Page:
7. Special effects -- This, for me, is almost always limited to duplicating the image into its own layer with a multiply blend, and then running an extremely feathered selection to barely burn the edges of the image.

Sometimes before 6, I'll make artistic choices (cross-processed, black and white, desaturated, what have you.)
 
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stsinner

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I appreciate the helpful post, tsaraleksi, but my problem might be that I'm working with very cheap flashes-the $20 Quantaray MS-1, which has only an on/off switch. What I do is stop my sb600 all the way down and fire it up, which is enough to set off the optical strobes, because I have a relatively low white ceiling, and the Quantaray's fire at full power every time.

Now, let's go from there-if there's anywhere to go with such a cheap setup.

Thanks for the help.

12_04_2008_4984.jpg


12_04_2008_4985.jpg
 

tsaraleksi

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You should be able to do everything I suggested with them in that case as well, except that the way you'll have to adjust the light ratios is by moving the flashes around. Light's intensity falls off fast, so you can just move them back a ways and you should be alright. Obviously it's not going to be the same as working with monolights but you should be able to get some pretty nice results with practice.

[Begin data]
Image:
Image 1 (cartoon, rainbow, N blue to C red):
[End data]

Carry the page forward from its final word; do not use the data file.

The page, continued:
example: I shot this with a single light with the power turned all the way down:

421207997_4Lcyk-M.jpg


You should be able to shoot something like this with your set up, I think.
 

Johnboy2978

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I think I might take the SB600 and attach it to the umbrella and learn to effectively light with only one and use a reflector for fill in. Can you not use the SB600 off camera? Check out the strobist.com and this may be helpful as well: http://www.lowel.com/edu/foundations_of_lighting.html
 
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stsinner

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I think I might take the SB600 and attach it to the umbrella and learn to effectively light with only one and use a reflector for fill in. Can you not use the SB600 off camera? Check out the strobist.com and this may be helpful as well: http://www.lowel.com/edu/foundations_of_lighting.html


Thanks, but the D50 doesn't have capability for off-camera flash.. I would imagine there's some sort of hot-shoe mount cabled thingie I can buy, I don't know.. I think I would be doing all right if I could just get the white balance figured out, because it's not real straight forward. For example, one time when I was photographing our training at the fire department, neither fluorescent or incandescent worked-I had to set it on cloudy for the colors to be true, which doesn't make sense to me at first thought because we were indoors at night.. I am going to check out the link you provided.